When things go wrong in a vendor partnership, it's not always the customer who suffers most.
One example is the union of Boeing Co. and Dutch ERP software developer, Baanan unbalanced partnership that many observers cite as a prime contributor to the software company's financial collapse.
In the 1990s, Baan emerged as a solid, mid-market ERP vendor, popular with companies that manufactured large, complex systems.
It had some experience selling to the aircraft industry, but only to smaller companies dwarfed by Boeing's commercial aircraft division.
When Boeing Commercial Airplanes decided it would forsake its tradition of building all its software in-house and find an ERP package, it discovered that none of the commercial packages worked exactly the way it wanted them to.
It chose Baan under the condition that Baan develop a custom version of its software suite for Boeing.
"Boeing was going to help Baan become a power in the aerospace and defense industries. They didn't," Shepherd said.
"Boeing got a bunch of custom code. Baan was never able to sell it to anybody else [and] was financially crippled by the experience. It helped to precipitate their decline."
That type of partnershipbetween a large corporation with all the clout and a much smaller or unhealthy software house desperate for credibility, or even just the businessis often doomed to failure, Shepherd said.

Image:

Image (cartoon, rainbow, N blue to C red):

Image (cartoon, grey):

"What happens is that the large company ends up specifying a set of requirements that are a perfect fit for them, but don't make any sense for the software company's business."
|Customer Name||Coca-Cola Enterprises|
|Deal||Co-development of an elaborate mobile system for linking field sales reps, delivery drivers and vending machine service staff to bottlers' back-end IT systems.|
|Vendor Benefit||CCE's expertise to broaden the DSD capabilities of mySAP suite, making it more attractive throughout the beverage and other consumer products industries.|
In such cases, not only has the customer jeopardized a vendor that it must also rely on for enhancements and support, it also ends up with "an application that hasn't been validated by anyone else in the market, so it doesn't necessarily represent best practices. It represents the way the company does things or the way they'd like to do them," Shepherd says.
CIOs who've forged successful partnerships with their software vendors agree on the keys to success, the most important being a balanced relationship in which both sides contribute and benefit about equally.
Typical customer-vendor relationshipsvendors attempting to maximize profit and minimize risk combined with customers trying to negotiate a rock-bottom pricedon't make for smooth partnerships, proponents say.
"Partnerships work when there's an equal contribution. And that doesn't mean equal share, or that you've got to have a joint venture with 50-50 equity," said Arculus of De Lage Landen.
"It means that the contributions to the relationship have to have equivalence. If you don't have that balance, it's a one-sided relationship, not a partnership."
ROB GARRETSON has more than 20 years' experience as a business and technology journalist, most recently as a reporter and an editor on the financial desk of The Washington Post.
This article was originally published on 10-10-2005